I am supporting Barack Obama because his vision of America’s future recognizes the concerns I reference above resonate with many Americans, including GLBT Americans, and he will serve as a leader in the call to assure that GLBT Americans are recognized in the efforts to address these and many other issues in this country.
In contrast to Barack Obama, John McCain has selected a running mate who believes that we can be “cured” through prayer, and cannot even say the word “gay” or “lesbian”, but still hints that she has “diverse” friends. With friends like Sarah Palin, who needs enemies? McCain’s healthcare plan would plunge more GLBT Americans into the ranks of the uninsured, and we would be assured of administration policies and a United States Supreme Court that would rival the days of Reagan, Bush I and Bush II. Barack Obama is my hope for a better future for all Americans, especially GLBT Americans. Please join me voting for our lives and our future by supporting Barack Obama for President.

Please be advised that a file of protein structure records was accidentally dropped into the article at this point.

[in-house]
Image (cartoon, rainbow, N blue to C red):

State Chair, New Hampshire Democratic Party
Thirty years ago as a teen in rural New Hampshire, I honestly thought I was the only gay person in my state. One night when I was fifteen the local news had a segment about a police raid of a Boston gay bar. I grabbed one of my little sisters’ crayons and hurriedly wrote the name of the bar down. I carried that slip of paper in my pocket for years – it gave me such comfort that somewhere there were people like me.
Thankfully all that has changed because of the brave members of our community who have openly declared that simply being tolerated is no longer acceptable.
Today’s generation already knows that being gay means we can find love, get married and have children. We can’t be fired, or discriminated in housing. We can become a firefighter, teacher or police officer. We can be a state party chair, legislator or member of congress. We can be a news anchor, movie star, or Olympic athlete. We can be a doctor, judge and even an Episcopal Bishop. We can be anything. We can do anything. Although a bright rainbow may not shine over every state yet, it will soon.
Soon there will be full equality for every member of every family, on every street, in every town, in every state. Change is coming. Hope is near.